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Entry-Level Driver Training Frequently Asked Questions

Originally scheduled to go into effect February 7, 2020, the Federal Motor Carrier Safety Administration (FMCSA) has delayed implementation until February 7, 2022.

As of February 7, 2022, compliance with all aspects of the ELDT rule is required. Learn more about ELDT requirements.

The requirements apply to anyone: 

  • Applying for his or her first commercial driver's license (CDL);
  • Upgrading his or her current CDL (from Class B to Class A); or
  • Obtaining a new passenger, school bus, or hazmat endorsement.

The rule does not apply to individuals who held a valid and current CDL and the appropriate endorsement(s) before February 7, 2022.

The old and new ELDT rules are two different requirements and should be addressed separately.

First, the current/old ELDT rule applies to drivers with less than one year of experience operating a commercial motor vehicle requiring a CDL in interstate commerce. It is the motor carrier’s responsibility to ensure that compliance is happening, and that proper documentation is on file for each driver. As of February 7, 2022, this rule will “sunset.” Carriers will no longer need to comply. Anyone who was subject to this rule prior to February 7, 2022, should have a copy of the training certificate in his or her DQ file.

As for the “new” ELDT rule, the motor carrier has no training or documentation responsibilities. The training (and certification of successful completion of training) must happen prior to an individual taking his or her CDL skills test.

The required training includes both theory and behind-the-wheel instruction.

The instruction must be provided by an entity listed on FMCSA’s Training Provider Registry (TPR).

There isn’t a minimum number of hours that driver-trainees must spend on the theory instruction, but the instructor must cover all topics set forth in the curriculum.

The topics in the curriculum cover five areas of instruction:

  • Basic operation,
  • Safe operating procedures,
  • Advanced operating procedures,
  • Vehicle systems and reporting malfunctions, and
  • Non-driving activities.

Driver-trainees must demonstrate their understanding of the material by achieving an overall minimum score of 80 percent on the theory assessment.

Behind-the-wheel training includes both range and public road instruction. This instruction must be conducted in the class of commercial motor vehicle that the trainee will be taking his or her CDL road test in when the time comes to complete the skills test.

Skills that must be covered during range instruction include vehicle inspection, various backing skills, and coupling and uncoupling.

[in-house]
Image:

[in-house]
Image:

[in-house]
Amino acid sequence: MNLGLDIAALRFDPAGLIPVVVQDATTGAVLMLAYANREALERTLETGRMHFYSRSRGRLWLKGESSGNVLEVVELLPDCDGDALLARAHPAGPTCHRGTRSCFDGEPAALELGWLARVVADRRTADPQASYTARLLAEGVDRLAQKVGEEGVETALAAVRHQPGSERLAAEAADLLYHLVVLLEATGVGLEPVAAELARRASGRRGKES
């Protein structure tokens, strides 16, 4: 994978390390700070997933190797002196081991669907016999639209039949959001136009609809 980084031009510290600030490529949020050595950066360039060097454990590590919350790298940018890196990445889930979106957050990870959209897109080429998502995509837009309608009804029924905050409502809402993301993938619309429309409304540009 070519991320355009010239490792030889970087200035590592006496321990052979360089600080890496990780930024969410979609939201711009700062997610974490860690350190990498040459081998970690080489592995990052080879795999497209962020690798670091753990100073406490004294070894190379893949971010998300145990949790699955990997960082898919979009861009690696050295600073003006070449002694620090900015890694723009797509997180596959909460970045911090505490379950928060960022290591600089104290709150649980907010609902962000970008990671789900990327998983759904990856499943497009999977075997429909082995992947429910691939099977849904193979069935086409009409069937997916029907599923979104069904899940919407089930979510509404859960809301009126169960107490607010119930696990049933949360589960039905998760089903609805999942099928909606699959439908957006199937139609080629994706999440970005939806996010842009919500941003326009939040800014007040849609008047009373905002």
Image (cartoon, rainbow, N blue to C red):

Skills that must be covered during public road instruction include left and right turns, lane changes, curves at highway speeds, and entry and exit on interstate or controlled access highways.

There isn’t a minimum number of hours that must be spent on behind-the-wheel training, but the instructor must cover all topics included in the curriculum.

The instructor must determine and document that each driver-trainee has demonstrated proficiency in all elements of the behind-the-wheel curriculum. The instructor must also document the total number of clock hours each driver-trainee spends to complete the behind-the-wheel curriculum.

Both the theory and behind-the-wheel training must be provided by an entity listed on FMCSA’s Training Provider Registry (TPR). Most entities listed in the TPR will be truck driver training schools and motor carriers that have schools to train their own drivers.

The TPR will be available via FMCSA’s website:

Currently, schools, motor carriers, and other entities that intend to provide entry-level driver training are able to complete an application to be listed on the TPR. All applications must be filed electronically via FMCSA’s website. Paper applications will not be accepted.

Later this year, the TPR will expand to include a database of schools, motor carriers, and training entities that have been approved to provide entry-level driver training.

Entry-Level Driver Training

Entry-Level Driver Training

Helps satisfy the theory instruction portion of the FMCSA's entry-level driver training rule.Shop training now.

Certified Driver Trainer Program

Certified Driver Trainer Program

Will certify that your trainers are prepared to train entry-level drivers according to the new rule. Learn more.

Entry-Level Driver Training Manuals

Entry-Level Driver Training Manuals

Student and Trainer Manuals for entry-level driver training. Shop now.